My research group studies the contribution of circadian mechanisms to appettite, metabolism, and energy balance. Through this work, we aim to better understand the development of metabolic disorders such as cardiovascular disease and diabetes, and find new treatment options.
Feeding behaviour (i.e., what, when, and how much we eat) is a complex process incorporating instinctual and homeostatic drives (which ensure adequate energy supply) and hedonistic and reward pathways (which reinforce pleasurable aspects of food intake), as well as higher cognitive mechanisms (which provide contextual and learned information). Nonetheless, for most people, body weight and body composition remain relatively static throughout adult life. This is because regulatory centres within the brain are generally very good at balancing food intake with energy need and/or expenditure. In its simplest form, this regulatory (homeostatic) control is dictated by the relative activity of orexigenic (promoting food intake) and anorexigenic (inhibiting food intake) neurons within an area of the brain called the hypothalamus. These cells respond to fluctuations in circulating nutrient (e.g., glucose, fatty acids, amino acids) and hormone (e.g., leptin, ghrelin, insulin) levels that reflect our energy status or needs, to elicit the appropriate responses (i.e. appetite, hunger, satiety). Unfortunately, in some circumstances homeostatic controls become profoundly overwhelmed resulting in chronic disruption of energy balance (e.g. obesity) and potentially severe eating and metabolic disorders (e.g. anorexia nervosa and cachexia).
Much of our physiology and behaviour is patterned across the 24hr day. Coordination of these patterns (circadian rhythms) is driven by an internal biological clock system that runs within the brain, as well as most tissues of the body. It is now clear that the circadian clock is also critical in our ability to maintain a normal energy balance. By modulating the activity of feeding centres in the hypothalamus, modulating reward pathways, and gating the production and release of energy-related signals and hormones, all influenced by time of day, the circadian clock has a profound influence over feeding behaviour and metabolism. It is also becoming clear that disruption of our bodies’ natural rhythms increases the incidence and severity of neurological and metabolic diseases.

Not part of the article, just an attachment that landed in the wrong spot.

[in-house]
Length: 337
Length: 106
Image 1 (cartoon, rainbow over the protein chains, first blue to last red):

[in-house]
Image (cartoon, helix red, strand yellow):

Our research examines how and where the circadian system intersects with metabolic and feeding controls to exert this influence. For example, recent work within the lab has identified components of the molecular clock, which act as a critical modifier of food intake, influencing not only the timing of feeding but also amount and diet preference. It is our hope that such studies will identify novel avenues for therapeutic intervention for a range of neurological, metabolic and eating disorders. Our research is founded on an integrative approach, which spans from molecular biology to whole animal physiology. We employ innovative models and techniques including novel transgenics, comprehensive physiological monitoring and in vivo imaging to explore circadian and metabolic function.